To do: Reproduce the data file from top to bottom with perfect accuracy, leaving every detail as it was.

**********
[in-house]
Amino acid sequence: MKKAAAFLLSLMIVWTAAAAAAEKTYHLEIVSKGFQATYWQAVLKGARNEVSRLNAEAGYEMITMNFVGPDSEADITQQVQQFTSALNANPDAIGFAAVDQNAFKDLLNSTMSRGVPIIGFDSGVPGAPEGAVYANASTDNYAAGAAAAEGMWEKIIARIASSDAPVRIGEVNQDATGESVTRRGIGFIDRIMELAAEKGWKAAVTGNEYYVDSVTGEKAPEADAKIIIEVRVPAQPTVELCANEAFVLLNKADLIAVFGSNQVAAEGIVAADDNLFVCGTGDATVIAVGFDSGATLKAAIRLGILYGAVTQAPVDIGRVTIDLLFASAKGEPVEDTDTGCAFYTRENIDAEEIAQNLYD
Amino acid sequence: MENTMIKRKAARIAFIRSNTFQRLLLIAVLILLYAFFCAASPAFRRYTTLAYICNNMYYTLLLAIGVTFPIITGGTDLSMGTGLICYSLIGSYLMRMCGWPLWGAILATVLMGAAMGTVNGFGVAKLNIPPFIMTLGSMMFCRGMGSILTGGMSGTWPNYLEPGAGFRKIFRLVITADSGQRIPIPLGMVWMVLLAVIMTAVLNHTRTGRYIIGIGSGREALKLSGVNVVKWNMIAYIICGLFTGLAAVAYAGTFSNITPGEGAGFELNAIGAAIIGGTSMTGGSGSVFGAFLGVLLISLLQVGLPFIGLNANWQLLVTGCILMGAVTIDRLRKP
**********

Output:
[in-house]
Amino acid sequence: MKKAAAFLLSLMIVWTAAAAAAEKTYHLEIVSKGFQATYWQAVLKGARNEVSRLNAEAGYEMITMNFVGPDSEADITQQVQQFTSALNANPDAIGFAAVDQNAFKDLLNSTMSRGVPIIGFDSGVPGAPEGAVYANASTDNYAAGAAAAEGMWEKIIARIASSDAPVRIGEVNQDATGESVTRRGIGFIDRIMELAAEKGWKAAVTGNEYYVDSVTGEKAPEADAKIIIEVRVPAQPTVELCANEAFVLLNKADLIAVFGSNQVAAEGIVAADDNLFVCGTGDATVIAVGFDSGATLKAAIRLGILYGAVTQAPVDIGRVTIDLLFASAKGEPVEDTDTGCAFYTRENIDAEEIAQNLYD
Amino acid sequence: MENTMIKRKAARIAFIRSNTFQRLLLIAVLILLYAFFCAASPAFRRYTTLAYICNNMYYTLLLAIGVTFPIITGGTDLSMGTGLICYSLIGSYLMRMCGWPLWGAILATVLMGAAMGTVNGFGVAKLNIPPFIMTLGSMMFCRGMGSILTGGMSGTWPNYLEPGAGFRKIFRLVITADSGQRIPIPLGMVWMVLLAVIMTAVLNHTRTGRYIIGIGSGREALKLSGVNVVKWNMIAYIICGLFTGLAAVAYAGTFSNITPGEGAGFELNAIGAAIIGGTSMTGGSGSVFGAFLGVLLISLLQVGLPFIGLNANWQLLVTGCILMGAVTIDRLRKP